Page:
At the time, Veneracion said he would be willing to testify against his relatives if the case went to court.
After the Chandler case went public in 1993 the Quindoys did not contact authorities but went to tabloids instead with their new allegations. In the 1994 documentary Tabloid Truth Diane Dimond revealed first the Quindoys wanted $900,000 for their story then they went down to $500,000. News of The World reporter, Stuart White disclosed in the same documentary that from his paper the Quindoys wanted about $250,000. 
Authorities eventually contacted the couple as a result of those tabloid stories. When asked why they did not turn to authorities with the information they now claimed to have, not even after the Chandler scandal went public, their answer was: “we were just witnesses not victims”. Keep in mind that Mark Quindoy was a lawyer in his country.
The Quindoys also tried to shop around a book deal. In their attempt to get publishers interested they claimed they had “secret witnesses” that they formerly withheld from the District Attorney.
It is unknown exactly how much money the media paid out for the slander of Michael Jackson but it is safe to say it is probably in the millions. Instead of reporting facts and uncovering the truth, a large segment of the media enabled false allegations by paying people to make up stories about Jackson, knowing full well that they were lies that they could potentially put Jackson behind bars for the rest of his life. A jury could have been prejudiced by such articles and influenced by the prosecution witnesses who created their allegations only after being paid by the media for them. These were not innocent white lies, Jackson’s life was deeply affected by the character assassination and the emotional distress they put him through, yet the media and much of their audience actually considered these stories “entertainment”.
In addition to paying people for false allegations, the media also did their part in misleading the public and biased reporting on the Jackson criminal proceedings. During Jackson’s 2005 trial much of the media reported the salacious claims of the prosecution witnesses while failing to report the cross-examination of those same witness, where they were totally discredited. Although the payments for false allegations were mainly offered by tabloids, in the reporting of the Jackson trial there was hardly any difference between the tabloid stories and many “legitimate” news reports. Additionally the “serious media” often used, and still continues to use, tabloids as sources about Michael Jackson, thus blurring the line between tabloid journalism and serious reporting.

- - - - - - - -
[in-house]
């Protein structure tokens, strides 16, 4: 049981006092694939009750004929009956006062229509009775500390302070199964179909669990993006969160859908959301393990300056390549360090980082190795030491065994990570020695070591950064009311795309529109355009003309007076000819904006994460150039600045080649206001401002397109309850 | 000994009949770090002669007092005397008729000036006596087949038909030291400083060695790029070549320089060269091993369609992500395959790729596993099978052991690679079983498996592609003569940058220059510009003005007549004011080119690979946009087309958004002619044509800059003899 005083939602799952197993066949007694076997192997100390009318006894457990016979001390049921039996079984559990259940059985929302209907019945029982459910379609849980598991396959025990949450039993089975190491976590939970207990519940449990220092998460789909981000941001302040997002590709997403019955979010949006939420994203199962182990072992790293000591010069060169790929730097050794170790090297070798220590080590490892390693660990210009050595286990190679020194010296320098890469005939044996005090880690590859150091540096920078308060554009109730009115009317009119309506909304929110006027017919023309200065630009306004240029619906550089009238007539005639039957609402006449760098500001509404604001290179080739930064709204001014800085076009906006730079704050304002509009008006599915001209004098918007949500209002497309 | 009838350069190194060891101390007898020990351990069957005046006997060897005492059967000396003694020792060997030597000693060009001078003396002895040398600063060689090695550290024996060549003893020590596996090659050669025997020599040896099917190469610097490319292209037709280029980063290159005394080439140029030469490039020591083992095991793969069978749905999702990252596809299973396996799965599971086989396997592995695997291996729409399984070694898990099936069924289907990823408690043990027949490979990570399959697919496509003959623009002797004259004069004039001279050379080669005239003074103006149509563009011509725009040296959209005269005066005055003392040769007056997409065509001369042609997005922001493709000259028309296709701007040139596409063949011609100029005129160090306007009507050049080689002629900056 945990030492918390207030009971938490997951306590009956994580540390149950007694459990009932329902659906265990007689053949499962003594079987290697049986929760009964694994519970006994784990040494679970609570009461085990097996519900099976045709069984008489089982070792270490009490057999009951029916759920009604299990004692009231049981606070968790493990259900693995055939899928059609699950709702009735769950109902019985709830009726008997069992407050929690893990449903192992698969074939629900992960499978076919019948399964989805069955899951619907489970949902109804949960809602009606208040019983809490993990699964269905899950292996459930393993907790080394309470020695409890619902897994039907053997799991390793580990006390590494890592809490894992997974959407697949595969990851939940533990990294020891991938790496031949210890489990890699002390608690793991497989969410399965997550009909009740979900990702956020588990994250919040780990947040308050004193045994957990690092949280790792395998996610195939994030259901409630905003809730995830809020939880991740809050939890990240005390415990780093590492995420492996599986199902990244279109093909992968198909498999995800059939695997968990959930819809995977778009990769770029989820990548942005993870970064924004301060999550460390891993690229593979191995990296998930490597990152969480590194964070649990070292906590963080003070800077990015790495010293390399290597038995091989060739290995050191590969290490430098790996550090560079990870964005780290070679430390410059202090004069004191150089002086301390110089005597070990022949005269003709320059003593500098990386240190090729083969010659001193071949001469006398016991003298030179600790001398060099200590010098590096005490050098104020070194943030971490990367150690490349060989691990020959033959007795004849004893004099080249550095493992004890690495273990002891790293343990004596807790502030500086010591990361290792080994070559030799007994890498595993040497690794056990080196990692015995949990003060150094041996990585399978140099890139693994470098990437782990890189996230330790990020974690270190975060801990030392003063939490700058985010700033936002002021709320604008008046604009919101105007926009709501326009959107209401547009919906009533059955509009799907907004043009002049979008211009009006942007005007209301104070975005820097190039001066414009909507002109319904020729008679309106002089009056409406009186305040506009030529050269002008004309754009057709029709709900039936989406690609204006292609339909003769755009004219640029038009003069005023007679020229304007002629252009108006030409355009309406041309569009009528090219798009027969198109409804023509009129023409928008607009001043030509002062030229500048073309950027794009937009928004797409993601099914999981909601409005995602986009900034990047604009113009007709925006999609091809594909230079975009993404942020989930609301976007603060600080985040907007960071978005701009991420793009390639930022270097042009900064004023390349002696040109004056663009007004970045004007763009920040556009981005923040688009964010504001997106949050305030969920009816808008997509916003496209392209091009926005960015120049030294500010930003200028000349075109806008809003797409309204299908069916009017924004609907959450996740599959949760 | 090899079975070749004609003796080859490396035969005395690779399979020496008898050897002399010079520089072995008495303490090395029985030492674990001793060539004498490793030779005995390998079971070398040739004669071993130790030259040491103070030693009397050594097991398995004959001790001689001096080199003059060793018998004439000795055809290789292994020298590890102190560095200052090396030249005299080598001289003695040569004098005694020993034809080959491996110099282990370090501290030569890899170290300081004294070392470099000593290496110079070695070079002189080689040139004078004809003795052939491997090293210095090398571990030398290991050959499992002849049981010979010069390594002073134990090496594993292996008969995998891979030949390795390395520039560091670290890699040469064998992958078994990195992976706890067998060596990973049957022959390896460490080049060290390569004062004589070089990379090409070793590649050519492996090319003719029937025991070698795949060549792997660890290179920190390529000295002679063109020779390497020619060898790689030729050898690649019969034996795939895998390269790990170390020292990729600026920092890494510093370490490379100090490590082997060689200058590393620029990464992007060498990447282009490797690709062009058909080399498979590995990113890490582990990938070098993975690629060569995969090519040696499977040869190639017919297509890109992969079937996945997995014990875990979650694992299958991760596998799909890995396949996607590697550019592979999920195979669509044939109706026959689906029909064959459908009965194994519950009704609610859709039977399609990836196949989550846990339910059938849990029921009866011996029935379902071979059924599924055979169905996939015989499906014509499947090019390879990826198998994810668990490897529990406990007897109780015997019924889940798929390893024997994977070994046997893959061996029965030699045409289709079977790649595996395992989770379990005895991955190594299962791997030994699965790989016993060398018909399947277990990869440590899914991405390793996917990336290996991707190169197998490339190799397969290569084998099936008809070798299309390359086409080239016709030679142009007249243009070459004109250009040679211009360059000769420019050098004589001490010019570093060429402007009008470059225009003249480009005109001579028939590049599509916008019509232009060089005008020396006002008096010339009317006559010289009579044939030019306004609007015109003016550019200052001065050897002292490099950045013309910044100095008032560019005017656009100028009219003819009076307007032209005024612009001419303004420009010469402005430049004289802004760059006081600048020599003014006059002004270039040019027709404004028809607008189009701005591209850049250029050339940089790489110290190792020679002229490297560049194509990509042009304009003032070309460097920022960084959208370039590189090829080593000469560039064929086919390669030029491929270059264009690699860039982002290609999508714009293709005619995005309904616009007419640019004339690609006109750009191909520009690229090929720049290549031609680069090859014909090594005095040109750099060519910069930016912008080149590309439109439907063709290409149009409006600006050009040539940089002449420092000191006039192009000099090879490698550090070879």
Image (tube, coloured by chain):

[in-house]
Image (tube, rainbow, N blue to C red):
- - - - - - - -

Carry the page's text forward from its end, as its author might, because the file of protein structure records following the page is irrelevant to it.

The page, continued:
One of the latest examples of media manipulation about the Michael Jackson allegations is an article by British tabloid Sunday People that was published on June 30, 2013 and went viral almost immediately, being quoted by several other publications – without these other publications vetting the information. The article claimed that the paper had insight into “secret FBI files” which “reveal Michael Jackson spent £23million (about $35 million) buying the silence of at least two dozen young boys he abused over 15 years”. This was not true and we discuss that article in detail here.
 Roger Friedman – Former Protégé Vouches for Jacko (FoxNews.com, April 7, 2005)
 Lisa Campbell – The King of Pop’s Darkest Hour (Branden Publishing Company Inc., Boston, 1994)
 Jennifer Vineyard – Jackson Camp Calls New Allegations A Smear Campaign (MTV.com, June 1, 2004)
 Press release by the Los Angeles Police Department (June 2, 2004) http://www.lapdonline.org/press_releases/2004/06/pr04305.htm – the original link is not active any more, for a secondary source see http://vindicatemj.files.wordpress.com/2012/01/police-release-on-kapons-case-june-2-2004.png
 Mozart an Idiot! (OCweekly.com, January 12, 2006)
 Carole Aye Maung – Jacko filmed as he abused me; News Of the World investigates (News of the World, May 30, 2004)
 Lawsuit accusing Michael Jackson of molestation is dismissed (The Daily Breeze, January 15, 2008)
 Judge: Jackson in California during claim (USA Today, April 18, 2006)
 New Jackson Accuser’s Stalk Rap (The Smoking Gun, November 10, 2004)
 Tabloid articles of Terry George from 1993 attached to Jackson’s FBI files as released in 2009
http://vault.fbi.gov/Michael%20Jackson/Michael%20Jackson%2062%20File%20Part%201%20of%203/view (page 3)
 Interview with Terry George from the documentary “Louis, Martin & Michael” (documentary by Louis Theroux, November 16, 2003)
 First target of Michael Jackson’s obsession with boys says: ‘What he did was wrong.. but I forgive him’ (Mirror, June 28, 2009)
 Mary A. Fischer: Was Michael Jackson Framed? (GQ, October 1994)
 Tabliod Truth – The Michael Jackson Scandal (documentary by Frontline, February 1994)